I was always crap at origami. Every creation from my fingertipes has ended up a torn, skewed interpretation of what could have been delicate and graceful – a bull with miniscule front legs that make a T-Rex guffaw with superiority, or a swan that looked like it had been thrown down a stairwell. A subtle, measured craft of which a true master displays the confluence of practice, talent, and patience.
To inexpertly superimpose the metaphor (indeed, a metaphorical paper giraffe with massive legs, a tiny neck and 8 antlers), Balvenie Malt Master David Stewart epitomises the craftsman. I don’t know what his origami’s like, but his whisky’s bloody fantastic.
A small posse gathered in the Savoy recently for the launch of Balvenie Tun 1401 batch 5 – a limited release no age statement single malt vatting of casks hand picked by David. Continuing the theme of “hand crafted” (something to which Balvenie very strongly aligns itself, celebrating craftsmanship both externally with their awards and in more tributary ways like their recent Warehouse 24 release – “Craftsman’s Reserve – The Cooper”), the Savoy Hotel was selected as the launch site because it is a place which epitomises style, quality, heritage (indeed, the air conditioning in the room we were in appeared to be genuine Victorian engineering… steam-powered, anyway) and its recent refit was completed by a dedicated team of artisans and craftsmen. Craftspersons. Craftsfolk. Whatever. It was probably no small coincidence that later that afternoon the Balvenie Masters of Craft awards were also taking place in the building.
First created as a distillery-only experimental bottling, Tun 1401 gained popularity as word got out what David had created. Batch 2 followed, the 3 for the US market, 4 for the travel retail market, and now 5 as a slightly wider release of 2862 bottles – about 800 bottles destined for the UK. For batch 5 David has selected 9 casks to marry together, ranging from 1966 through to as recent as 1991. 4 of the casks are sherry butts (1975, 1972, 1971 and 1970), and the remaining 5 bourbon (from 1991, 1974, 1973, 1972, 1971 and 1966).
Fortune smiled at me in Paris last year with the opportunity to taste Tun 1401, however at the time it was being served up by David himself and I was so busy buzzing at having met the man himself that I paid perilously scant attention to what I was doing. When we were invited to examine batch 5 by Dr Andrew Forrester (Balvenie brand ambassador) some of the other luminaries in the room were able to provide comparison against previous bottlings, whereas I stared – embarrassed – at the floor.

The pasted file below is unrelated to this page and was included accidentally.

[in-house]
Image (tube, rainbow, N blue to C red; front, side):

It’s a real treat of a whisky: smelling it gives some dry cake-baking components such as cocoa powder, coconut and a little ginger. The signature of Balvenie shines through with its honey, and also lurking is some of the vanilla and citrus common to other bottlings from this small but wonderous place. Mark (Dramatic Whisky) also ventured a slight carbolic soap note – I must confess that’s not something I’m familiar with, but I think I detected something in some way soapy in the mix, and if that’s what carbolic soap smells like then I’m perfectly happy to accept his word for it!
A sip reinforced the dark chocolate elements, and I was delighted to throw my tasting note into the mix with “black cherries” (sagely nods around the room – woot!). Quite a rich continuation of the honey flavours was present along with cooked fruit, and David suggested that we might find a lingering wisp of smoke in there too: in the 60s and early 70s Balvenie had a slightly smokier signature style, and though mellowed with age there was still a sense of this from the older casks in the mix. Several of the people in the room who had tried earlier incarnations of Tun 1401 suggested that batch 5 is a little “moodier” than the others to date – a product of the increased sherry cask presence in this vatting.
An interesting aside by David was a mention of what Tun 1401 actually is – the whisky is named for the great wooden marrying vat in which it is mixed, which sits in Warehouse 24 at the Balvenie distillery. The apparatus used to empty the barrels into the vat is an old iron hand pump, which is of the sort of age where it very well could have been used by William Grant himself!
At the back of the room we conferred with many a hurrumph on the price of the bottle – about £160. Definitely not a whisky for everyday casual consumption. However it also represents outstanding value for money. If I had a spare £160, I’d be in there like a shot! It really was a tremendous whisky. But you need to come up with £160 for it. And with a whisky this good in a release this limited, opportunity is not going to be a lengthy visitor.
Having started this post with all that origami nonsense a proper writer would then draw back together that idea with the central theme of the topic at hand. That’s not the way we do things around here – just like what I expect I’d do in real life, if handed a sheet of blank paper to make an origami metaphor, I’ve started writing all over it and kept the whole thing two dimensional. Too much pressure, I fold.
Incidentally, there’s a few other blogposts floating about from the lovely folks who were also at the event. Feel free to peruse, if that’s your thing: